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Genetics – Seedless Watermelons

A clever geneticist somewhere thought – “but what if we never had to deal with the seeds of life in our watermelon?” And so seedless watermelons were born.

I recall this story from the schoolyard many years ago about grandpa Joe, and his grandson, George. They were walking along the footpath and young George, oh the terrible 7-year-old he is, steps in a rather titanic-sized portion of processed dog food. He could feel his heart sinking at the aroma of the smelly dog detritus embedded in his shoe, thus beginning a tirade of complaints at why their lovely walk had been ruined by him stepping in dog poo. Well Joe, the wise and reasoned man he is, stops and imparts a piece of wisdom on George:

Never let the seeds of life stop you from enjoying the watermelon”

On that note, a clever geneticist somewhere thought – “but what if we never had to deal with the seeds of life in our watermelon?” And so seedless watermelons were born – George and Joe continued their walk and had a lovely day.

The concept of a seedless fruit is incredibly paradoxical. The entire reason for fruit existing is to spread and propagate genes in various and delightful methods. As a result, plants are not very adept at growing seedless fruit. It’s equivalent to tying the shoelace after taking your shoe off, building a table to throw out or buying seedless fruit to grow a fruit tree. But seedless watermelons are fantastic for those of us less inclined to enjoy a seedy mouth.

The whole process is based in genetics. Humans, like watermelons are diploid creatures – that is we both have two sets of chromosomes. However a seedless watermelon is triploid (or has three sets). Having three sets of chromosomes renders the progeny sterile and hence no seeds. Sounds pretty straightforward right?

Sort of.

Your typical watermelon seedling carrying two sets of chromosomes is treated with a natural compound called colchicine, derived from Meadow Saffron. The compound is incredibly toxic (to plants and in high doses to humans, low doses actually treat gout in place of NSAIDs) and interrupts cell division in such a way that some new cells become tetraploid. That is they have four sets of chromosomes. Those seedlings are then grown up and the progeny selected for favourable traits – such as watermelon producing, non toxic etc.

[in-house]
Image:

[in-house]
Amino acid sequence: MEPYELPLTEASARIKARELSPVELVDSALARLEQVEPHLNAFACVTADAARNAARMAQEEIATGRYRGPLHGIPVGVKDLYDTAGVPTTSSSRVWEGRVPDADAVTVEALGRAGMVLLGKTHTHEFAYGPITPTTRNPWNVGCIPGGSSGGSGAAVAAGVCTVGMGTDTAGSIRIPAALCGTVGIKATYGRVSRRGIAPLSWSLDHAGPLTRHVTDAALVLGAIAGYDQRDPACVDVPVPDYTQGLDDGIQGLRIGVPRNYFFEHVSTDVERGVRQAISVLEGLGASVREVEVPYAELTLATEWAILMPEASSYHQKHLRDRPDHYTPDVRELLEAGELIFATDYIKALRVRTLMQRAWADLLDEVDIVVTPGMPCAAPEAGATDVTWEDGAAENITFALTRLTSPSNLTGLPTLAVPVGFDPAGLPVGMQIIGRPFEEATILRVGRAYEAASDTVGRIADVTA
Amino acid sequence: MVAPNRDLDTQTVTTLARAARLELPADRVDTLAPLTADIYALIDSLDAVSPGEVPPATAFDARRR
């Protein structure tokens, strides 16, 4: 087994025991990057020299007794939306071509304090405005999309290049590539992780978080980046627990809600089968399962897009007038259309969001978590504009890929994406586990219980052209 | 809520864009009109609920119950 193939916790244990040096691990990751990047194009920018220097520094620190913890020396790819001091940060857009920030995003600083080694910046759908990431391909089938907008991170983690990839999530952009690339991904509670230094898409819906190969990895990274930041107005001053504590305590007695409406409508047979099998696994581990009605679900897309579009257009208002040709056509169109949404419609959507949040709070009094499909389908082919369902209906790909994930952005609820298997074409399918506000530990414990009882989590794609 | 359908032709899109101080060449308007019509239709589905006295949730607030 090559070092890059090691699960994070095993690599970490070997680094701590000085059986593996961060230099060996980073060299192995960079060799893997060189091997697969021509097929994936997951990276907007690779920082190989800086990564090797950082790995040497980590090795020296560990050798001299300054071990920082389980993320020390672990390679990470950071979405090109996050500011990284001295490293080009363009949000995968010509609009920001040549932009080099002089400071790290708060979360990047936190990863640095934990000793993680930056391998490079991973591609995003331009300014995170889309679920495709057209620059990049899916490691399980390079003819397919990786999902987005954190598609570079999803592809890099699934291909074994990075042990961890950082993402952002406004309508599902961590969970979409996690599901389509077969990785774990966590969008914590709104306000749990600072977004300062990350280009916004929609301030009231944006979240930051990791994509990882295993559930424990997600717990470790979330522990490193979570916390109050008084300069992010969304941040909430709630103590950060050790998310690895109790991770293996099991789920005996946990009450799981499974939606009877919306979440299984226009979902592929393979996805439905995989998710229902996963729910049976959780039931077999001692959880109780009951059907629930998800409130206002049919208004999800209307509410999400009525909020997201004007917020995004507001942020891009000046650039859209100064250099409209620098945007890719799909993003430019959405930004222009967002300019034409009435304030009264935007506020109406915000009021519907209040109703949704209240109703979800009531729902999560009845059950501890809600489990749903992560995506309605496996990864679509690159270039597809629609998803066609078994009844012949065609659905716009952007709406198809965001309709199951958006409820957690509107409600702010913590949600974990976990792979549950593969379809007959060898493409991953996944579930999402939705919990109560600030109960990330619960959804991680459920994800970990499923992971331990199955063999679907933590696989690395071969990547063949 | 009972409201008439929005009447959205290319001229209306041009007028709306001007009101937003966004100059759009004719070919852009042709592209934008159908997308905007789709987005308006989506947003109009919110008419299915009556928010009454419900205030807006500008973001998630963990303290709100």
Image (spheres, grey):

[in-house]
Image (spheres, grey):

The tetraploid plants are grown out to flower stage. The male flowers are removed and the female flowers, which produce triploid fruit, are retained. The triploid fruit with triploid seeds contained within are then harvested. The triploid seed stock, when grown out to flower stage, lack adequate pollen production for triploid-triploid pollinisation. So by planting a few diploid plants in there with the triploid plants, the triploid plant is pollinated with diploid genes.

Whilst diploid pollen will stimulate fruit development, because the numbers of genes are different, the diploid and triploid genes are not compatible, and hence the fruit fails to produce seeds. And there you have it seedless watermelons! For more detailed information on the topic and some stats about different varieties check out Purdue’s horticulture page.

Chemical manipulation is just one method of genetic modification in a traditional sense. There are many different types of chemical mutagens (things that mess around with genes) out there used commercially. Some even have a huge radioactive source raised and lowered to mutate seeds and then see what happens! Pretty neat stuff.

So when you eat those seedless watermelons you’re pretty much getting some more genes for free. What a bargain.

Guy Coleman is the Founder of AgriEducate

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